Microsoft's 'Orleans' cloud programming model gets a Halo test drive

Microsoft's 'Orleans' cloud programming model gets a Halo test drive

Summary: Remember Microsoft Research's Orleans cloud-programming project? The Halo team at Microsoft does.

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TOPICS: Cloud, Microsoft, Windows
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Whenever anyone from Microsoft describes a Microsoft Research project, there's almost always a disclaimer -- specifically, "There's no guarantee when and if this technology will ever see the commercial light of day."

orleansgrainssilos

Given that caveat, it's interesting when a Microsoft Research project takes a step forward. Recently, that seems to have happened with "Orleans," a cloud-programming model I last blogged about back in 2010.

When perusing the end-of-year research roundups, I found this interesting tidbit buried in the eXtreme Computing Group's list of accomplishments for 2012:

"The cloud-systems team celebrated a year of successful deployment of its distributed cloud technology—Orleans—in production for Microsoft’s Halo team, and the team has scaled its system very significantly since then."

That's one pretty impressive proof-of-concept demo.

Orleans, as Microsoft officials themselves have described it, "offers a simple programming model build around grains, a unit of computation with private and shared state that communicates exclusively by sending messages to other grains and receiving and replying to requests from clients. Combined with the Orleans runtime, which provides functionality commonly used in this type of system, Orleans raises the level of abstraction and helps developers build scalable correct Cloud applications."

The (non-fiscal) Cliff Notes version: On the run-time front, Orleans is to Windows Azure approximately as the Common Language Runtime (CLR) is to Windows.

As the Microsoft researchers note on their page about Orleans: "Orleans provides direct support for the .NET programming model. We use standard .NET languages with custom attributes (currently C# is supported; we are working on F#)."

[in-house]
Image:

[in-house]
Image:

There's still no word as to when or how the eXtreme Computing Group will bring Orleans to market. Will it be internally used infrastructure only? Or will it be made available to any/all Windows Azure customers at some point? Stay tuned....

Topics: Cloud, Microsoft, Windows

About

Mary Jo has covered the tech industry for 30 years for a variety of publications and Web sites, and is a frequent guest on radio, TV and podcasts, speaking about all things Microsoft-related. She is the author of Microsoft 2.0: How Microsoft plans to stay relevant in the post-Gates era (John Wiley & Sons, 2008).

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6 comments
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  • It supports .Net languages?

    That list is currently made up of one entry - C#. So how does a single language merit a plural reference?
    dinomutt
    • Nope

      There are several .NET languages. C#, F#, Visual Basic, Visual C++, PowerShell are a few. A quick trip to the MSDN site (or just entering a search in Google) could have saved you from looking stupid.
      Big Sparky
      • Language priorities

        C# first F# second. Hmmmmm.

        VB.Net support sometime after that I guess or will it be TypeScript next?
        NewZed
      • dinomutt is correct ...

        The quote is that Orleans uses "standard .NET languages." Note the plural. But, then it goes on to quote only one one of them as being currently supported. So, dinomutt's question is valid.
        bkshort@...
  • All you need

    Is a fiber optic connection to make it responsive enough to use.
    NoAxToGrind
  • Grains? Why must there be new terminology when the platform is different?

    Grains sounds very similar to processes, which receive requests from clients. The "grains" sound like the processes in the server, which can communicate with other processes, and all of them are serving the clients' requests. IOW, client/server, but for the cloud.

    But, because it's a "new" paradigm, we can't use the old terminology, can we? That "new" computing platform sounds very much like the old mainframe/terminal computing environment of 20 to 50 years ago.
    adornoe